By Peter Janiszewski, PLoS Blogs
In recent years countless food manufacturers have been “sub-packaging” their foods into smaller portions in an apparent effort to curb folks from overindulging. You can usually find 100 kcal multi-packs of crisps, sweets, chocolates, and all sorts of junk foods. Despite the very obvious negative environmental impact of all this excess packaging, what, if any, impact does such packaging have on people’s consumption?
Thankfully, Wansink and colleagues had previously published a paper in the journal Obesity investigating this very question.
I previously discussed another study by Wansink that essentially showed that when snacks are served in bigger bowls, people tend to eat more of their contents.
Thus, it would seem reasonable to think the reverse was also true in terms of small packages for snacks, as in the case with these hyper-packaged 100kcal bags of junk.
So the same authors sought to address this issue, and also to check if the effect on consumption of small packages differed between overweight and normal weight individuals.
A total of 42 post-graduate students participated in the simple study which basically had the participants snack on crackers while watching a sitcom – now THAT is what I call research!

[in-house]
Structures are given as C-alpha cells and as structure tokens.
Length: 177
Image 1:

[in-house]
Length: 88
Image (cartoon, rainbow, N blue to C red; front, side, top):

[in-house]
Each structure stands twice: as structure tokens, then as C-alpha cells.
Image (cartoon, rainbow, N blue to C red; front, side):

Half of the participants were given one large 400-calorie package of crackers or a similar-sized package that had then been sub-divided into four smaller 100-calorie sub-packaged crackers. They were blinded to the purpose of the study.
After watching the show, the crackers not consumed by the participants were counted to calculate everyone’s caloric intake. Also, each participant was asked how many crackers they think they consumed.
Turns out, overweight participants ate significantly more crackers when eating from one large package than from four small packages. In fact, they consumed more than double the number of calories with the bigger package: 384 calories versus 176 calories.
Surprisingly, there was no difference in consumption between package conditions among the normal-weight participants.
Despite this difference in consumption, what is odd is that all groups (small package and big package, overweight and normal weight) underestimated how many crackers they had eaten by more than 60%!
This suggests that the smaller packaging doesn’t make people more accurate at keeping track of what they ate.
So why the difference between overweight and normal weight participants? The authors suggest that: “Obese people were more likely to rely on external cues to stop eating, [and thus] the perception of package count might play a crucial role for overweight participants in determining their food intake.”